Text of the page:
In the three years since my surgery I have gotten pregnant, had a baby, and moved a few times. There has not been time or energy for skiing. The first winter I was pregnant and the second winter Asher was little and required a lot of my time and attention. And now it's winter again and we live in Colorado and I've been equal parts looking forward to and dreading my first time skiing.
Adding to my uncertainty is the fact that Audrey broke her leg skiing while I was pregnant with Asher and was in a full-leg cast for 12 weeks. She has healed up beautifully and skis again and I am beyond proud of her tenacity. She is strong, that Audy-boo! She is my inspiration in many ways and I know it's lame and cliche to say that, but if you knew her it would make sense.
|feeling excited and ready|
In the morning I asked Audrey, my go-to girl on overcoming ski injuries, how long it took her to not feel afraid. She said she was nervous in the morning of her first day back, but by the afternoon it was just fun. I hoped my story would be similar.
|with my little cheerleader on the chairlift|
It wasn't. We decided to head up the mountain more since the higher we went the colder it got and we wanted to get away from the warm, slushy snow. Unfortunately the greens (easiest) were also steeper up there. It's safe to say I freaked out. Bless my patient children. When I would stop part way down a run to cry and talk myself out of vomiting from fear, Audrey would wait for me a bit down the hill. When I caught up she would say, "you're doing a really good job, mama. You can do it." Elliot waited, too, and told me how great I was and that it would get easier. Isaac was off doing his own thing on the snowboard by the afternoon or I'm sure I'd have gotten another really nice and sweet, yet ultimately ineffective pep talk from him, too.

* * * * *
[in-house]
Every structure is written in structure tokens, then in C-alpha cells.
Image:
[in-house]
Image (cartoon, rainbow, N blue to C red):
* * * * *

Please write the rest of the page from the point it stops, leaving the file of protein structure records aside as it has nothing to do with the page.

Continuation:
|These kids are so darn supportive. and really good skiers, too. Maybe someday. . .|
To say I am disappointed in myself is an understatement. I remember the freedom, beauty, and joy I felt skiing at Copper Mountain before my crash and now I felt only fear and caution. I think of the athletes who have had this same stupid surgery and go back and own their sport once again. Don't misunderstand, I know they are on an entirely different mental and physical planet than I am, but I did think I would be able to at least go out and enjoy a leisurely ski down a beautiful mountain.
So, where do I go from here? Part of me wants to try again and part of me wants to go to the resorts with my family and snowshoe and cross country ski. Would that make me a coward? Do I care? I don't know. This has thrown me for a loop. This mental and physical fail. This getting stuck in my own head. This intense fear. I so badly want to tell Copper Mountain to suck it. But I just can't this time. Not yet anyway.
Here's the plan: I have one lift ticket to Winter Park already paid for and I'm not about to waste that money. I will go and try again because apparently the greens at Winter Park are easier than those at Steamboat. I will give it another go. And if I like it I will keep going and if I don't like it I will stop. Dangit, I hate losing. Well, to clarify, I'm fine losing in a game or a race if someone's better or they get lucky or they trained harder, but I hate losing to myself. I hate not being strong enough to overcome this.
What would you do? Any pep talk or words of wisdom?